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This post was authored by Sarah R. Lustig. A recent case is a good reminder to employers that scent and chemical sensitivities can indeed be considered a disability subject to the protections of the Americans with Disabilities Act (ADA) and/or the Fair Employment and Housing Act (FEHA).  John Barrie (Barrie) suffers from allergic sensitivities and reactions to multiple chemicals.  He informed his supervisor of his disability when he was hired by the California Department…
This Special Bulletin was authored by J. Scott Tiedemann & Lars T. Reed Over the past three months, since California Senate Bill 1421 went into effect on January 1, 2019, numerous public agencies across California have been involved in litigation over whether the new law applies to records created before 2019. After conflicting decisions from various superior courts, some of which we discussed in a previous blog post, the California Court of Appeal has…
This Special Bulletin was authored by David Urban. On March 21, 2019, the White House issued an Executive Order requiring federal agencies to withhold certain types of funds from higher education institutions that fail to comply with the First Amendment or federal laws, regulations, or policies on free inquiry.  The Executive Order does not change existing free speech law on campus.  It requires colleges and universities to comply with existing laws and policies, and…
This Special Bulletin was authored by Tony G. Carvalho. On March 7, 2019, the Department of Labor (DOL) published a Notice of Proposed Rulemaking that, if implemented, will affect the minimum wage and overtime-exempt status of many employees under the Fair Labor Standards Act (FLSA). The proposed changes concern the “salary basis test” applicable to the “white collar” exemptions for executive, administrative, and professional employees. The changes will also alter the test for “highly…
This Special Bulletin was authored by Frances Rogers & Amit Katzir. The California Supreme Court issued a long-awaited decision in Cal Fire Local 2881 v. CalPERS, a case addressing whether the Legislature’s elimination of “air time” as an optional benefit for members of CalPERS unconstitutionally impaired a vested contractual right.  Holding that the air time benefit was not entitled to constitutional protection, the Court took a pass on reviewing a much bigger question:  Whether…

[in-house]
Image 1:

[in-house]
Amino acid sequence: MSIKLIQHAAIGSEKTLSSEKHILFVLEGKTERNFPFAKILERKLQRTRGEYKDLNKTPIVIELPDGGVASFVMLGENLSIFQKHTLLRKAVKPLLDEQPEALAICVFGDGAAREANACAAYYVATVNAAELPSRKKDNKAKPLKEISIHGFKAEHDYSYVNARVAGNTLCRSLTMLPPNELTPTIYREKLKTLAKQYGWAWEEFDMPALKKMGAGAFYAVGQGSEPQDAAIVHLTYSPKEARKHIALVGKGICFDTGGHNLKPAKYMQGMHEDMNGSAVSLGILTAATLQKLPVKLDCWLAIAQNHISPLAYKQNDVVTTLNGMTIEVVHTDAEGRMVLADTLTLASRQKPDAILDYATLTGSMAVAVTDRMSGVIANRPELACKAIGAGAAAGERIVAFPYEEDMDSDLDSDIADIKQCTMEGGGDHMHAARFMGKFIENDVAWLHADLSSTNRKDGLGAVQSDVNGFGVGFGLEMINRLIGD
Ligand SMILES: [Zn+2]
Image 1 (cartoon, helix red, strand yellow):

This post was authored by Geoffrey S. Sheldon & Lars T. Reed. Immediately after California Senate Bill 1421 went into effect on January 1, 2019, public agencies across California began receiving requests for public records relating to certain high-profile categories of peace officer misconduct. As we described in a previous Special Bulletin, SB 1421 does not explicitly state whether it applies to records created before the new law’s effective date. Several police labor…
This post was authored by Carla McCormack. In December 2018, the Equal Employment Opportunity Commission (“EEOC”) removed Final Rules that permitted employers to offer incentives to encourage the disclosure of health information in connection with an employer wellness program.  This change is effective January 1, 2019. An employer wellness program, generally offered through an employer-provided health plan, is intended to help employees improve their health and also to reduce healthcare costs for the employer. …
This post was authored by Jennifer Rosner. In the employment context, the statutory schemes that require reasonable accommodation for disabilities are the California Fair Employment and Housing Act (FEHA) and the Americans With Disabilities Act (ADA).  The ADA defines a “service animal” as any dog (or in some cases, miniature horses) that are trained to do work or perform tasks for the benefit of an individual with a disability, including a physical, sensory, psychiatric…
This post was authored by J. Scott TiedemannLars T. Reed. On January 1, 2019, California Senate Bill 1421 went into effect. The new law allows members of the public to obtain certain peace officer personnel records that were previously available only through the Pitchess procedure by making a request under the California Public Records Act (“CPRA”). We described this legislation in detail in a previous Special Bulletin. In short, SB 1421…